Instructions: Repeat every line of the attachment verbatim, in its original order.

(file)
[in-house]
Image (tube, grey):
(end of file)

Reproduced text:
[in-house]
Image (tube, grey):